Patients Before ProfitsBeat Cancer Sooner – Put Patients Before Profits
The pharmaceutical industry plays a vital role in turning new discoveries from research laboratories into new treatments for cancer patients. This process can take many years and many millions of dollars of investment. It is therefore not surprising that pharmaceutical companies only want to invest in opportunities where there is a good probability of generating a high return on an investment. To help encourage investment, new drugs are subject to patent protection for a period of 20 years, giving the drug companies exclusivity on the drug once it comes to market, typically 8-10 years after the applying for the patent, and therefore the ability to set prices at any level. After the patent expires, other drug companies are allowed to develop and market their own versions of the drug and prices typically fall by over 75%, as drugs don’t usually cost very much to make.
While it is important to recognise the huge positive contribution the pharmaceutical industry has made to improving healthcare, there are a number of problems with the current model for drug development that disadvantage patients:
- there are no controls to ensure that prices for new drugs reflect costs, so without competitive market forces, drug companies can (and do) set prices with very big profit margins
- there is limited incentive to invest in new drugs that only have a small potential market
- there is no incentive to invest in research and development of substances or treatments that can’t be patented, as competitors would be able to produce generic alternatives for a much lower cost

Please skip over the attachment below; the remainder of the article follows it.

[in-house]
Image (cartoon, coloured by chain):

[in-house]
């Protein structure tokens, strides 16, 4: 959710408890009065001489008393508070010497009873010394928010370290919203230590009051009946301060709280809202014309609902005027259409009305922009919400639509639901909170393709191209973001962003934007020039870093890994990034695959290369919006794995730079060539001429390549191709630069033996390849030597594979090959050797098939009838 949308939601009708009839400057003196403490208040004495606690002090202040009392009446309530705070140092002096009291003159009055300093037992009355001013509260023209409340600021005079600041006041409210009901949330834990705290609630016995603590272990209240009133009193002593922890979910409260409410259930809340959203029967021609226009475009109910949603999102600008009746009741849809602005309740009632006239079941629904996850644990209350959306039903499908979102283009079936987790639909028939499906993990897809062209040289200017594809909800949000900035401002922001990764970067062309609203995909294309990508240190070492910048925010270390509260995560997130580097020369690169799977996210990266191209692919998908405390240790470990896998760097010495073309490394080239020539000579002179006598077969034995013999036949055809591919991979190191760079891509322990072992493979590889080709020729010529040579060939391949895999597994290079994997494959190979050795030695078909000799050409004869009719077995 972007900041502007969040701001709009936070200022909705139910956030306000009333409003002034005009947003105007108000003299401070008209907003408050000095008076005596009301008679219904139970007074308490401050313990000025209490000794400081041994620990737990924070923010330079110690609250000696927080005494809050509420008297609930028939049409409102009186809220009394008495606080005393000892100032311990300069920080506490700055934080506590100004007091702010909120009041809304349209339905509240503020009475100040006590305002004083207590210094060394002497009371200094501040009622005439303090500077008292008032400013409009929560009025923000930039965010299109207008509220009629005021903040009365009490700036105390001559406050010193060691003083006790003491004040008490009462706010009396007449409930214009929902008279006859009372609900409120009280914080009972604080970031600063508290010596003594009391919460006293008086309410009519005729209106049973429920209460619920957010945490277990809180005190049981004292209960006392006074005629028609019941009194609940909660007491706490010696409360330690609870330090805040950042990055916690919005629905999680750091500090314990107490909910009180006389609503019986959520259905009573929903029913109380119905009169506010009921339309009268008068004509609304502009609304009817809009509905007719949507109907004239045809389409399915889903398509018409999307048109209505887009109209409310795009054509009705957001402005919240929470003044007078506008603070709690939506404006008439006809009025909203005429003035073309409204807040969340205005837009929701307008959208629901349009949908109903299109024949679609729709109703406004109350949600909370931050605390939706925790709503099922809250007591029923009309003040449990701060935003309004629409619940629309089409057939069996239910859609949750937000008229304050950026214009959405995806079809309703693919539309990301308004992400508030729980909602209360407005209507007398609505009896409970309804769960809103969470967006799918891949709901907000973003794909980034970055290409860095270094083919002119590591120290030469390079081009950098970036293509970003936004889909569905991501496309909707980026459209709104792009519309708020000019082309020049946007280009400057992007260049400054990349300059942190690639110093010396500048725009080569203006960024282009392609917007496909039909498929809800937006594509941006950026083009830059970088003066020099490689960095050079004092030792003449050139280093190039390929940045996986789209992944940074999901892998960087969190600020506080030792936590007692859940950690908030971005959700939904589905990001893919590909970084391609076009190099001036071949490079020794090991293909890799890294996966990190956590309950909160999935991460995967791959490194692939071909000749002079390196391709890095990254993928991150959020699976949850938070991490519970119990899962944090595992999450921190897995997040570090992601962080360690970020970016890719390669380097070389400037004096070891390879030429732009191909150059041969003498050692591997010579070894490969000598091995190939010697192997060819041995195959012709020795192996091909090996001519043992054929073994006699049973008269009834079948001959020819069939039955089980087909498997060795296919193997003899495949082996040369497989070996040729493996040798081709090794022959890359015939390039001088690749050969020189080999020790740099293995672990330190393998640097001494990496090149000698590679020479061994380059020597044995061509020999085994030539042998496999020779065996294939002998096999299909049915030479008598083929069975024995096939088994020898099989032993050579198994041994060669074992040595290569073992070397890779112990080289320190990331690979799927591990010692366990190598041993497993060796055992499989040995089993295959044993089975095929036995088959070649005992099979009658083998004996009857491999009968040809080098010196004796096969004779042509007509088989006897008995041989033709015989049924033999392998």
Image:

- there is no incentive to deliver new drugs with significant therapeutic benefit, as this limits the opportunity to develop successor drugs once patents expire
All of these issues arise as a consequence of fundamental conflicts of interest between the needs of patients and the needs of shareholders who fund the pharmaceutical companies, which leads to decisions and plans based on commercial potential rather than just therapeutic potential.
The Dying for a Cure campaign is calling for change to address this. We need to stop treating cancer like a money-making opportunity and start treating it like the humanitarian crisis it is.
We want the UK Government to:
- acknowledge the conflicting goals of those developing cancer drugs and those who need them
- better regulate the pharmaceutical industry to protect cancer patients’ interests
- ensure that cancer drug prices reflect costs and the public contribution to their discovery
- find ways to reduce the costs of bringing new cancer drugs to market to ease prices
- publicly fund promising cancer treatments that fail to attract private investment
- work with the World Health Organisation to consider alternative drug development models
- work with other countries to agree a goal and timeframe to cure the majority of cancers